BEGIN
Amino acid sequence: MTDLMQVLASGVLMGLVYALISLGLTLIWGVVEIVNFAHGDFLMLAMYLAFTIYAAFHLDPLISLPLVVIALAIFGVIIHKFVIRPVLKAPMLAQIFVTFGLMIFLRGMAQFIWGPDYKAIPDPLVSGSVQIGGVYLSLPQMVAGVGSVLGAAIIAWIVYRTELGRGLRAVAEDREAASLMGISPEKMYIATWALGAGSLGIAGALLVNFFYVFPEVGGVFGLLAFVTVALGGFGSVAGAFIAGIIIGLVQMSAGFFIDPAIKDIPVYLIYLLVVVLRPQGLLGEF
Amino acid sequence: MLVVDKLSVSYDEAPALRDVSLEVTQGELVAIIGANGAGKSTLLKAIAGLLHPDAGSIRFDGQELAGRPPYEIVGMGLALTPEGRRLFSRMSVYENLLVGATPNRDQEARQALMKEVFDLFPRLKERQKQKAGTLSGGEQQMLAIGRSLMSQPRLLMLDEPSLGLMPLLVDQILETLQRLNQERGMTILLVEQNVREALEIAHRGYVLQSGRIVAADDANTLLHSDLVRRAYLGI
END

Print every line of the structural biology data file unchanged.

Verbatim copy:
Amino acid sequence: MTDLMQVLASGVLMGLVYALISLGLTLIWGVVEIVNFAHGDFLMLAMYLAFTIYAAFHLDPLISLPLVVIALAIFGVIIHKFVIRPVLKAPMLAQIFVTFGLMIFLRGMAQFIWGPDYKAIPDPLVSGSVQIGGVYLSLPQMVAGVGSVLGAAIIAWIVYRTELGRGLRAVAEDREAASLMGISPEKMYIATWALGAGSLGIAGALLVNFFYVFPEVGGVFGLLAFVTVALGGFGSVAGAFIAGIIIGLVQMSAGFFIDPAIKDIPVYLIYLLVVVLRPQGLLGEF
Amino acid sequence: MLVVDKLSVSYDEAPALRDVSLEVTQGELVAIIGANGAGKSTLLKAIAGLLHPDAGSIRFDGQELAGRPPYEIVGMGLALTPEGRRLFSRMSVYENLLVGATPNRDQEARQALMKEVFDLFPRLKERQKQKAGTLSGGEQQMLAIGRSLMSQPRLLMLDEPSLGLMPLLVDQILETLQRLNQERGMTILLVEQNVREALEIAHRGYVLQSGRIVAADDANTLLHSDLVRRAYLGI